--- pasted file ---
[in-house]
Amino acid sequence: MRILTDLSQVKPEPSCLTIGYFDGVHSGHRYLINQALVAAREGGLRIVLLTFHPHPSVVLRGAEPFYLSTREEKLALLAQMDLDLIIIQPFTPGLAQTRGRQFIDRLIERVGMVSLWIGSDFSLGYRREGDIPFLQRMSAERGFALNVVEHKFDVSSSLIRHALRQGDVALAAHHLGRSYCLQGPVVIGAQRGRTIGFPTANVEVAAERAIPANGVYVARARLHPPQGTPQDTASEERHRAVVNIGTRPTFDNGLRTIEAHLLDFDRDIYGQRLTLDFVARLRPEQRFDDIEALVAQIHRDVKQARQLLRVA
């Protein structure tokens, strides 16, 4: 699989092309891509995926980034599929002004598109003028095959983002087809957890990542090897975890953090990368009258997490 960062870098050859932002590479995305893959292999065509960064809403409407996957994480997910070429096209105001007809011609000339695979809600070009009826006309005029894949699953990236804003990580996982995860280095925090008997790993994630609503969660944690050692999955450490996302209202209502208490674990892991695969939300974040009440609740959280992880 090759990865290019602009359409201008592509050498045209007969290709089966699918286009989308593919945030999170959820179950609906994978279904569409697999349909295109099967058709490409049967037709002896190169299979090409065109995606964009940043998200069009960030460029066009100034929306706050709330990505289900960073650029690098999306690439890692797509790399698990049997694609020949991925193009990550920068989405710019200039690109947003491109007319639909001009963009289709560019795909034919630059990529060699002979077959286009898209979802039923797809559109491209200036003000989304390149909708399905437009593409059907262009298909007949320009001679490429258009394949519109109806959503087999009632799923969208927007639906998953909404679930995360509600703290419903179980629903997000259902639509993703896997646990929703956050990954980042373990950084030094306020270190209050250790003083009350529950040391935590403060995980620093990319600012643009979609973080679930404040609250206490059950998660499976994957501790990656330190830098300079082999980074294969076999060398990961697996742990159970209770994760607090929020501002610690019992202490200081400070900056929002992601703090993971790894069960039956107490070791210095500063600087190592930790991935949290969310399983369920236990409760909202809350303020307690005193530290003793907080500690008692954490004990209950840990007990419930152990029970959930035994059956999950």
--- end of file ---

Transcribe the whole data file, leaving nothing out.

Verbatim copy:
[in-house]
Amino acid sequence: MRILTDLSQVKPEPSCLTIGYFDGVHSGHRYLINQALVAAREGGLRIVLLTFHPHPSVVLRGAEPFYLSTREEKLALLAQMDLDLIIIQPFTPGLAQTRGRQFIDRLIERVGMVSLWIGSDFSLGYRREGDIPFLQRMSAERGFALNVVEHKFDVSSSLIRHALRQGDVALAAHHLGRSYCLQGPVVIGAQRGRTIGFPTANVEVAAERAIPANGVYVARARLHPPQGTPQDTASEERHRAVVNIGTRPTFDNGLRTIEAHLLDFDRDIYGQRLTLDFVARLRPEQRFDDIEALVAQIHRDVKQARQLLRVA
């Protein structure tokens, strides 16, 4: 699989092309891509995926980034599929002004598109003028095959983002087809957890990542090897975890953090990368009258997490 960062870098050859932002590479995305893959292999065509960064809403409407996957994480997910070429096209105001007809011609000339695979809600070009009826006309005029894949699953990236804003990580996982995860280095925090008997790993994630609503969660944690050692999955450490996302209202209502208490674990892991695969939300974040009440609740959280992880 090759990865290019602009359409201008592509050498045209007969290709089966699918286009989308593919945030999170959820179950609906994978279904569409697999349909295109099967058709490409049967037709002896190169299979090409065109995606964009940043998200069009960030460029066009100034929306706050709330990505289900960073650029690098999306690439890692797509790399698990049997694609020949991925193009990550920068989405710019200039690109947003491109007319639909001009963009289709560019795909034919630059990529060699002979077959286009898209979802039923797809559109491209200036003000989304390149909708399905437009593409059907262009298909007949320009001679490429258009394949519109109806959503087999009632799923969208927007639906998953909404679930995360509600703290419903179980629903997000259902639509993703896997646990929703956050990954980042373990950084030094306020270190209050250790003083009350529950040391935590403060995980620093990319600012643009979609973080679930404040609250206490059950998660499976994957501790990656330190830098300079082999980074294969076999060398990961697996742990159970209770994760607090929020501002610690019992202490200081400070900056929002992601703090993971790894069960039956107490070791210095500063600087190592930790991935949290969310399983369920236990409760909202809350303020307690005193530290003793907080500690008692954490004990209950840990007990419930152990029970959930035994059956999950």